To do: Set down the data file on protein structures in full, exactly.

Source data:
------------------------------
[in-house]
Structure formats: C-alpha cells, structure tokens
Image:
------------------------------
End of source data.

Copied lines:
[in-house]
Structure formats: C-alpha cells, structure tokens
Image: